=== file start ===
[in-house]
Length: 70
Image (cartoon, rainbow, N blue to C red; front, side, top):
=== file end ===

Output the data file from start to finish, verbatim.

[in-house]
Length: 70
Image (cartoon, rainbow, N blue to C red; front, side, top):